What has been happening in Gaza is fully consistent with this strategy.

Let’s begin with Israel’s decision to withdraw from Gaza in 2005. The conventional wisdom is that Israel was serious about making peace with the Palestinians and that its leaders hoped the exit from Gaza would be a major step toward creating a viable Palestinian state. According to the New York Times’ Thomas L. Friedman, Israel was giving the Palestinians an opportunity to “build a decent mini-state there—a Dubai on the Mediterranean,” and if they did so, it would “fundamentally reshape the Israeli debate about whether the Palestinians can be handed most of the West Bank.”

This is pure fiction. Even before Hamas came to power, the Israelis intended to create an open-air prison for the Palestinians in Gaza and inflict great pain on them until they complied with Israel’s wishes. Dov Weisglass, Ariel Sharon’s closest adviser at the time, candidly stated that the disengagement from Gaza was aimed at halting the peace process, not encouraging it. He described the disengagement as “formaldehyde that’s necessary so that there will not be a political process with the Palestinians.” Moreover, he emphasized that the withdrawal “places the Palestinians under tremendous pressure. It forces them into a corner where they hate to be.”

Arnon Soffer, a prominent Israeli demographer who also advised Sharon, elaborated on what that pressure would look like. “When 2.5 million people live in a closed-off Gaza, it’s going to be a human catastrophe. Those people will become even bigger animals than they are today, with the aid of an insane fundamentalist Islam. The pressure at the border will be awful. It’s going to be a terrible war. So, if we want to remain alive, we will have to kill and kill and kill. All day, every day.”

In January 2006, five months after the Israelis pulled their settlers out of Gaza, Hamas won a decisive victory over Fatah in the Palestinian legislative elections. This meant trouble for Israel’s strategy because Hamas was democratically elected, well organized, not corrupt like Fatah, and unwilling to accept Israel’s existence. Israel responded by ratcheting up economic pressure on the Palestinians, but it did not work. In fact, the situation took another turn for the worse in March 2007, when Fatah and Hamas came together to form a national unity government. Hamas’s stature and political power were growing, and Israel’s divide-and-conquer strategy was unraveling.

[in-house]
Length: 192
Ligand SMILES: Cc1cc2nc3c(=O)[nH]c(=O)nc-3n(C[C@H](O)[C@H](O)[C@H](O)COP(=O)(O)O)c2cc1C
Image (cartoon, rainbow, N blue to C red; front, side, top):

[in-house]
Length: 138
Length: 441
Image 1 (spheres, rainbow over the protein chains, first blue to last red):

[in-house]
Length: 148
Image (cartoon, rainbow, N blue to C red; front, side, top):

To make matters worse, the national unity government began pushing for a long-term ceasefire. The Palestinians would end all missile attacks on Israel if the Israelis would stop arresting and assassinating Palestinians and end their economic stranglehold, opening the border crossings into Gaza.

Israel rejected that offer and with American backing set out to foment a civil war between Fatah and Hamas that would wreck the national unity government and put Fatah in charge. The plan backfired when Hamas drove Fatah out of Gaza, leaving Hamas in charge there and the more pliant Fatah in control of the West Bank. Israel then tightened the screws on the blockade around Gaza, causing even greater hardship and suffering among the Palestinians living there.